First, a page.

With the thus constructed memory element, the switching operation can be effected between the memory region having the floating gate 6 and the drain region owing to the region of MOS construction having the gate insulating film 17. That is, if a threshold voltage of the region of MOS construction having the gate insulating film 17 is set to be of a small positive value, the switch can be rendered on or off by a positive voltage or zero voltage applied to the control gate 10. Owing to the above operation, it is allowed to select specific lines or rows of the memory array.

Although the foregoing embodiments have dealt with the n-channel elements, it is of course possible to reverse the conductivity type. Further, although the foregoing description has dealt with the cases in which the floating gate is located on the outermost side while the ions are implanted to form the high impurity concentration layer, it is also possible to form an insulating film of a thickness of about 50 nm on the whole surface of the chip and implant the ions from the upper surface of the insulating film. In this case, the region for implanting ions is determined by the floating gate; the energy for implanting ions should simply be increased in relation to the thickness of the insulating film. When a photoresist film is to be used as a mask 7, the insulating film should be made of silicon nitride or silicon oxide such that the chip will not be contaminated by the photoresist agent. The insulating film may be retained even after ions have been implanted, so that it is used as a second gate insulating film between the control gate and the floating gate.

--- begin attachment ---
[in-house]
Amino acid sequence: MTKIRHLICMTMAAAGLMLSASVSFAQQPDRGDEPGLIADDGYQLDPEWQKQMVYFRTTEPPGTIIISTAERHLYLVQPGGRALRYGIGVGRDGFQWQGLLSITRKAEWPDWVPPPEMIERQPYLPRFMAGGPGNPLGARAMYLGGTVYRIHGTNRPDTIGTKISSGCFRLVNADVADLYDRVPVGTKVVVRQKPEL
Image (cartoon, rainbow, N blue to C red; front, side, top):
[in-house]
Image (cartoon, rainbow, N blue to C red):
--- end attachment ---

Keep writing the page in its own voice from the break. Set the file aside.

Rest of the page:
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Referenced by
Citing PatentFiling datePublication dateApplicantTitle
US4332077 *Jul 16, 1981Jun 1, 1982Rca CorporationMethod of making electrically programmable control gate injected floating gate solid state memory transistor
US4642881 *May 17, 1985Feb 17, 1987Kabushiki Kaisha ToshibaMethod of manufacturing nonvolatile semiconductor memory device by forming additional impurity doped region under the floating gate
US4997781 *Feb 14, 1989Mar 5, 1991Texas Instruments IncorporatedMethod of making planarized EPROM array
US5045488 *Jan 22, 1990Sep 3, 1991Silicon Storage Technology, Inc.Method of manufacturing a single transistor non-volatile, electrically alterable semiconductor memory device
US5094967 *Dec 3, 1990Mar 10, 1992Kabushiki Kaisha ToshibaMethod for manufacturing semiconductor device having a non-volatile memory cell and logic regions by using a cvd second insulating film
US5160986 *Sep 11, 1991Nov 3, 1992Sgs-Thomson Microelectronics S.R.L.Matrix of EPROM memory cells with a tablecloth structure having an improved capacitative ratio and a process for its manufacture
US5296396 *Aug 14, 1992Mar 22, 1994Sgs-Thomson Microelectronics S.R.L.Matrix of EPROM memory cells with a tablecloth structure having an improved capacitative ratio and a process for its manufacture
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Classifications
U.S. Classification438/257, 257/E21.328, 438/262, 257/E29.304, 257/316, 257/E29.053, 438/593, 438/258
International ClassificationH01L29/10, H01L21/26, H01L29/792, H01L21/8246, H01L21/8247, H01L29/788, H01L27/112
Cooperative ClassificationH01L29/7883, H01L21/26, H01L29/1041
European ClassificationH01L21/26, H01L29/10D2B2, H01L29/788B4
Legal Events
DateCodeEventDescription
May 8, 1981ASAssignment
Owner name: HITACHI, LTD., 5-1, 1-CHOME, MARUNOUCHI, CHIYODA-K
Free format text: ASSIGNMENT OF ASSIGNORS INTEREST.;ASSIGNORS:HORIUCHI MASATADA;KATTO HISAO;REEL/FRAME:003851/0913
Effective date: 19790508